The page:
I have recently started programming in UNIX environment. I need to write a program which creates an empty file with name and size given in the terminal using this commands

gcc foo.c -o foo.o 
./foo.o result.txt 1000

Here result.txt means the name of the newly created file, and 1000 means the size of the file in bytes.

I know for sure that lseek function moves the file offset, but the trouble is that whenever I run the program it creates a file with a given name, however the size of the file is 0.

Here is the code of my small program.

#include <unistd.h>
#include <stdio.h>
#include <fcntl.h>
#include <ctype.h>
#include <sys/types.h>
#include <sys/param.h>
#include <sys/stat.h>
int main(int  argc, char **argv)
    int fd;
    char *file_name;
    off_t bytes;
    mode_t mode;

    if (argc < 3)
        perror("There is not enough command-line arguments.");
        //return 1;

    file_name = argv[1];
    bytes = atoi(argv[2]);
    mode = S_IWUSR | S_IWGRP | S_IWOTH;

    if ((fd = creat(file_name, mode)) < 0)
        perror("File creation error.");
        //return 1;
    if (lseek(fd, bytes, SEEK_SET) == -1)
        perror("Lseek function error.");
        //return 1;
    return 0;
  • You might like to look at the ftruncate system call. – meuh Feb 26 '16 at 17:21
  • 1
    Your requirements are self contradicting. You first tell you need to write an empty file, which your program does, then that its size need to be of a given value, which implies it has at least some content. A sparse file cannot be but just a big hole. At least its last block need to exist. – jlliagre Feb 26 '16 at 17:23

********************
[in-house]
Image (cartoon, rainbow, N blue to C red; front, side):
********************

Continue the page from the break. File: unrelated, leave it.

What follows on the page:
If you're seeking after the end of the file, you have to write at least one byte at that position:

write(fd, "", 1);

to have the OS fill the hole with zeros.

So if you want to create an empty file of a certain size 1000 with lseek, do:

lseek(fd, 999, SEEK_SET); //<- err check
write(fd, "", 1); //<- err check

ftruncate is probably better and it seems to create sparse files without any fuss too:

ftruncate(fd, 1000); 

You are not writing anything to the file.

You open the file, move the file descriptor and then you close it.

From the lseek man page

The lseek() function repositions the offset of the file descriptor fildes to the argument offset, according to the directive whence.


From the man page --

  The lseek() function allows the file offset to be set beyond the end of the file (but this does not change the size of the file).   If
data  is  later written at this point, subsequent reads of the data in the gap (a "hole") return null bytes ('\0') until data is actually written into the gap.

Use the truncate/ftruncate call to set the file size.

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